In 1963, a Royal Air Force technician working in London named Chris Dennis met Roger Waters, looking for a singer for his newly formed and as-yet unnamed band. Dennis said he was present when Syd Barrett came up with the moniker "Pink Floyd" and sang for the group's first few official gigs, which consisted primarily of blues songs and covers. Scarcely a year after joining up, Dennis left Pink Floyd. Why? He told the Daily Mail in 2012 that he felt the band didn't have a future, and he'd also been offered an RAF post in Bahrain. When he returned to the UK, he spotted Pink Floyd's debut album, The Piper at the Gates of Dawn, in a record store.

Dennis eventually got married, had some kids, and settled in Wales. "I've no regrets. I helped start the biggest rock band in the world..." he said. "That's enough for me." Okay, but ... really?

Bob Klose's harrowing childhood

Bob Klose, also known as Rado Klose, was only briefly a member of Pink Floyd, playing guitar in a very early version of the group, and he was out by 1965. "He was really a far better musician than any of the rest of us," Roger Waters said on "Shades of Pink — The Definitive Pink Floyd Profile." Klose was a student at the time, and he "had some exam problems and really felt that he had to apply himself to work, whereas the rest of us were not that conscientious." Klose unfortunately ditched Pink Floyd before it became successful, but he went on to enjoy a long career as a photographer. No matter which path he took to the future, though, he had to rise up from a stressful past. According to his website bio, Klose's father "was a refugee from Nazi Germany" who had also fought in the particularly bloody Spanish Civil War.

Klose was born in Cambridge and spent his first couple of years on Earth in less-than-ideal living conditions. His father had landed a job as a farm worker, and, unable to land other housing options, the family lived in a tent pitched on the property where Klose's father worked.

The Wall is about Roger Waters' mental illness and abusive childhood

The Wall is among the most iconic albums in rock history. The 1979 double-LP by Pink Floyd is the sixth-best-selling album in US history, ranks among Rolling Stone's top 100 records ever made, and is one of the few pieces of rock music to be adapted into a film, the trippy 1982 cult classic Pink Floyd: The Wall. That's a harrowing movie about a rock star named Pink who falls into the twin voids of solitude and mental illness. Unfortunately, it's partly autobiographical, thematically speaking.

Pink is based on both Syd Barrett and Roger Waters, who wrote the vast majority of the album by himself. Barrett battled mental health issues, just like Pink, whose problems begin when his father dies in a war — similarly, Waters' dad died in World War II. Those are the first "bricks" in the metaphorical wall Pink builds up around himself, soon followed by various other traumas, including abusive schoolteachers, highlighted on the famous standout track "Another Brick in the Wall (Part 2)." "The education I went through in boys' grammar school in the '50s was very controlling and demanded rebellion," Waters told Mojo (via SongFacts). "The song is meant to be a rebellion against errant government, against people who have power over you, who are wrong."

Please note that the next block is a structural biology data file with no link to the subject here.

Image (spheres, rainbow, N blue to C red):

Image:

Richard Wright made a concept album about depression

Pink Floyd is one of the few bands in which all of its core members released solo albums, either as side projects while still in the group or after leaving the fold. Keyboardist Richard Wright made three albums on his own: Wet Dream in 1978, Identity in 1984, and Broken China in 1996. The latter, like several of Pink Floyd's LPs, is a concept album, with every song revolving around a common theme. Sadly, that theme is the clinical depression suffered for years by Wright's wife, Millie. "It was, of course, a very frightening and very emotional time, to witness this happening," the musician told the Boston Globe. Initially, he planned on an instrumental project but realized that his songs had an air of sadness to them. "A lot of the things I write would be melancholic, and melancholic is an emotion that is certainly about sadness."

Psychology Today called the album "a portrait of despair and recovery" and "surprisingly frank" in its depiction of Millie Wright's battle, which included lots of therapy and a hospitalization. And ensuring authenticity and accuracy, Millie's therapist wrote some of the lyrics on Broken China.

Richard Wright died of cancer